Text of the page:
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Can we build a case that since the stone carvings of North American corn
depict the corn growing upside down, this indicates more authenticity? The
carvings in the chapel are not abstract and rendered as life-like as
possible so there would not be the temptation to carve things any other way
then as natural as was known at the time. Right?
So we have Henry's grandson, William many years after Henry's death, looking
at these dried ears of corn trying to figure out which way to put them.
Since they were so heavy, they must have drooped downwards, he thinks.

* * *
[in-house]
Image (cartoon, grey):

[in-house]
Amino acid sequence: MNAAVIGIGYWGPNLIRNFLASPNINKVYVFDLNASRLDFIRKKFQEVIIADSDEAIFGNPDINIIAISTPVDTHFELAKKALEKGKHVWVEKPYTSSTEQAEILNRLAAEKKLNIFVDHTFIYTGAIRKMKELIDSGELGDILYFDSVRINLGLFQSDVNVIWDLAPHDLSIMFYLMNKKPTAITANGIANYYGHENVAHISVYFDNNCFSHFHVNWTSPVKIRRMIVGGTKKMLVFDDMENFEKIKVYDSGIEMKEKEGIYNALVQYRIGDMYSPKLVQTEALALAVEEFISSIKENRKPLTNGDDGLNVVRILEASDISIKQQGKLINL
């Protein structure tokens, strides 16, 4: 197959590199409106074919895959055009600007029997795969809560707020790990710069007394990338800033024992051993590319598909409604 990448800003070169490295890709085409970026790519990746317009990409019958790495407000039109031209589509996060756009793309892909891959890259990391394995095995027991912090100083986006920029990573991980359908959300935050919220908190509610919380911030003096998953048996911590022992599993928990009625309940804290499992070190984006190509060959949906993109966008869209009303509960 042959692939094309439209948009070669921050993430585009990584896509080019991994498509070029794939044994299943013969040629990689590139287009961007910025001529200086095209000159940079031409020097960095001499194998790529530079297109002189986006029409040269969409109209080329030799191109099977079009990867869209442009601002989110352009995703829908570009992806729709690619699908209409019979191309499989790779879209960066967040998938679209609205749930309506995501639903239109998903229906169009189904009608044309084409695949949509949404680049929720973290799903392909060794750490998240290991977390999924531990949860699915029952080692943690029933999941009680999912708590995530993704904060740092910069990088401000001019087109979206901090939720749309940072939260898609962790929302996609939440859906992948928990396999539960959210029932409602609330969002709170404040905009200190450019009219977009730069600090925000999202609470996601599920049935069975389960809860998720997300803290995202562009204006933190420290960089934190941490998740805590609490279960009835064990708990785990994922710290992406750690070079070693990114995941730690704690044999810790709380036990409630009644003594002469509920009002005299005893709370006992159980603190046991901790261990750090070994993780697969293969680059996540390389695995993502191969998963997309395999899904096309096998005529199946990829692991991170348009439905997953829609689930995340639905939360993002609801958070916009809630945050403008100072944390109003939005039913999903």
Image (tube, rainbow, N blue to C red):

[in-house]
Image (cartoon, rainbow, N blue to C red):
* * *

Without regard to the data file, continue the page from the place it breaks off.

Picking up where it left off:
Did the Mi'kmaq grow corn? Maybe not. Henry would have seen the whole
growing cycle and known about them but maybe forgot to mention it. But if
they arrived in New England in Spring, he might have been given ears of corn
and not ever have seen how they grew before he left.
I don't know where I am going with this. It just struck me as interesting
that the corn was up side down in the chapel.
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- Re: corn
- From: "G.M.Sinclair" <firstname.lastname@example.org>